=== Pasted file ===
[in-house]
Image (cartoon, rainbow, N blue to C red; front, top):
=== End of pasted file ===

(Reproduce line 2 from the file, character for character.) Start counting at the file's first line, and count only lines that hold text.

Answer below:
Image (cartoon, rainbow, N blue to C red; front, top):